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Today, June 17th, marks the United Nations‘ World Day to Combat Desertification. As regular readers of this blog and followers of my work will know, a large portion of my work in recent years has been about the scourge of increasing desertification in China. Please take this opportunity today to spread links and talk about the issue of desertification, one of our world’s most pressing and under-reported environmental crises.
According to the United Nations:
“Desertification, land degradation and drought (DLDD) threaten human security by depriving people of the means to decent livelihoods. They undercut food production, access to water and the means to economic activity, and even destroy their homes. At worst, they lead to a breakdown in national and regional security as people are forced to leave their homes or to engage in low- or high-level intensity conflicts over increased or extended periods of resource scarcity.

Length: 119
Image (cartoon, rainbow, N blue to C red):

Land degradation in the drylands, commonly known as desertification, begins with the clearing of vegetation, which means “forests are the first step towards healing the drylands and protecting them from desertification and drought,” as Mr Luc Gnacadja, Executive Secretary of the UN Convention to Combat Desertification observes. Dry forests may become the single most important determinant of the future sustainability of the drylands as the impacts of climate change escalate. Yet, only 18% of the drylands is forested.
The United Nations has designated 2011 as the International Year of Forests to stress the need for forests that serve people. Scientists and experts agree that this link is most evident and felt in the drylands where trees play multiple roles for the communities. They provide food and medicine for the people and their livestock. They are their places of worship and shelter and their decision-making centers. Trees mean life here and are not taken for granted by the close to 2 billion inhabitants that call drylands ‘home’.
In his call to the international community in February when unveiling the 2011 theme, Mr. Gnacadja stated, “If each of us makes the commitment and ensures that just one tree is planted in a degraded part of the drylands and that the tree survives through the year, we could have well over two billion trees in the drylands by the end of the year. That is a tree for every inhabitant. …let us go forth and forest the drylands to keep them working for present and future generations.”